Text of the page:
From the Rehearsal Room: Lauren Langlois & James Vu Anh Pham on NEXT MOVE 11
“We’re exploring what is underneath the surface… what rests inside the body, underneath the skin and how that can bubble up and come to the surface.” – Lauren Langlois on her work in development Nether.
We sat down with NEXT MOVE 11 commissioned artist Lauren Langlois and performer James Vu Anh Pham to learn more about Lauren’s new work Nether and the development process thus far.
Lauren, talk us through the title Nether, how does it tie into what you’re exploring in your new work?
Lauren: Well, Nether means something that is situated lower or perhaps underneath the surface and I think that relates to what we’ve been exploring throughout the creative process. Jimmy and I have been working on embodying internal states based around images and stories and exploring how these internal states translate into a choreographic, corporeal language. So I guess in some ways this is similar to the title because we’re looking at what rests inside the body, underneath the skin and how that can bubble up and come to the surface. We’re still in a process of discovery, but that is what I’m really interested in.
Lauren, you have performed in Next Move works before such as Antony Hamilton’s work Keep Everything, talk us through the differences of being a performer in a work, compared to being a choreographer?
Lauren: It’s a huge difference. But similar in some ways. As a performer in other people’s works I try to create, I don’t want to say a narrative or a story, but I try to create an internal world and dialogue of my own that relates to the bigger picture of the work. As a choreographer, I would say you have to go through that same process but not only for yourself as a performer, but for all of the other performers in the work and also for the sound, set, lighting designers and so on. Each collaborator has to create something that relates to the world of the piece and you have to be across all of that and see how they tie in together. It is kind of similar to being a performer but it is looking out a lot more and letting others into your process which is challenging for me because I internalise a lot of my thoughts and ideas.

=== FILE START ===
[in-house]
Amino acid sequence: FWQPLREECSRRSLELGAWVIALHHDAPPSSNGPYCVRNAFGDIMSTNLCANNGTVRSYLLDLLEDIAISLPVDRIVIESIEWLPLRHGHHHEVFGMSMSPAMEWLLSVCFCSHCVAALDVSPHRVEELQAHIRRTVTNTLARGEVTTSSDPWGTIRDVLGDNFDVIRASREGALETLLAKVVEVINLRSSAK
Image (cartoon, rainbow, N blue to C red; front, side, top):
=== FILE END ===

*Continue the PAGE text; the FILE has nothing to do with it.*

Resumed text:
Lauren & James Nether, is described as ‘a visceral labyrinth where the metahuman, memory, and technological obsessions collide’, how have you been interacting with technology throughout the development thus far?
Lauren: I guess we can talk about the element of technology in terms of sounds and what we have been exploring in the studio throughout the creative process. So Alisdair Macindoe our sound designer has been working with these really small microphones and we’ve been placing them underneath the tarquette and then also along the sides of the room so they pick up amplification sounds from the floor; but we’ve also been placing them on our body and in our clothes and working on finding incidental connections between movement and sound. How have you found that Jimmy? I’ll just pass that on to you!
The thing is, it’s still very open in how we’ll be engaging with it.
James: But what is certain is that he has been using the sounds that we’ve been making in the studios as part of the creation process to make and compose from scratch. Something as simple as hitting the floor, walking or the noises that we make vocally, he uses it as stimulus to make new sounds. Sometimes it’s very literal, other times it’s completely warped and becomes quite alien, and you can’t quite identify where it came from. That really resonates with what where doing, we’re taking a concept that can be quite simple and literal, but really digging into it and it becomes something completely new again.
Lauren & James what’s been the best moment in the studios so far?
Lauren: We laugh a lot. We’ve also had some really long improvisations. The first week we really took the time to delve deep into movement ideas exploring particular qualities, textures and states. We improvised for long periods of time and watched each other and gave feedback. That was nice. It really set the tone for the start of the process. It’s not often that you get the chance to do that, because creative developments are normally quite short in dance processes. So there is always this kind of race to get something up and lock things down, so it’s been wonderful to be able to really flesh out our ideas. And yeah we’ve also just had lots of laughs and have kind of developed our own strange language.
James: It’s just a really good balance of work and play.
Lauren: When you collaborate with someone who you have known for a long time you end up having your own way of communicating and moving around each other and it’s just really lovely to share this experience, in particular, with Jimmy.
James: When you’re in a really positive work environment the best stuff comes up.
Lauren Langlois’s new work Nether is presented as part of Chunky Move’s Next Move commission NEXT MOVE 11, a dystopian double that also features new work ‘Dharawungara’ by emerging Choreographer Joel Bray from 8 – 17 November. Book now here.
Photography: Pia Johnson